Dispelling some urban legends about LINQ to SQL


Scott has a great post where he dispels the following two myths about using LINQ to SQL.

  • LINQ to SQL requires you to start with a database schema.
  • LINQ to SQL requires your classes to implement INotifyPropertyChanged and use EntitySet<T> for any associated collections.

Looking at the post I think he also added in dispelling a third legend, though he didn’t explicitly call it out.

  • LINQ to SQL requires you to use custom attributes in your code and cannot work with a simple poco.  (In other words, LINQ to SQL supports persistance ignorance!)

Personally I have not used LINQ to SQL yet, though I do intend to play with it at some point. I know I have talked to many folks (including friends at Thoughtworks) and I have heard it far easier to grok and use than some other Entity frameworks 🙂

On the intuitiveness said, I am sold. It took me about five minutes of looking at sample code to understand how to use it.

Thanks for this post Scott!

Comments (2)

  1. Jon Limjap says:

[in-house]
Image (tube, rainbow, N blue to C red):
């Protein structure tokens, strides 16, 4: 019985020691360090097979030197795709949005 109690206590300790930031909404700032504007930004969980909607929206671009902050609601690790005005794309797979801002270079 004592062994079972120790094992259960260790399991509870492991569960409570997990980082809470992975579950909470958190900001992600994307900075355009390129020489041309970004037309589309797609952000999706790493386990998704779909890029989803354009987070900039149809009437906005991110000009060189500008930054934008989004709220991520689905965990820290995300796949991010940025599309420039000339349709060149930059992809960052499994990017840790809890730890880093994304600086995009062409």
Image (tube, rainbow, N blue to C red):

Glenn,

    The POCO argument is something that Jeremy Miller raised against Entity Frameworks:

    http://codebetter.com/blogs/jeremy.miller/archive/2008/05/19/what-dan-simmons-forgot-to-tell-you-about-the-entity-framework.aspx

    Thing is, I also need to see concrete examples of POCO being used vis-a-vis Linq to SQL, perhaps without the attributes that we see automatically generated when doing this by way of following common online examples.

    Any links for exhibiting persistence ignorance with LINQ to SQL?

    Thanks.

  2. Simon Segal says:

    Glenn

    You can find some PI with Linq to SQL info here: <br>

    <a href="http://iancooper.spaces.live.com/blog/cns!844BD2811F9ABE9C!397.entry"/>

    Thanks.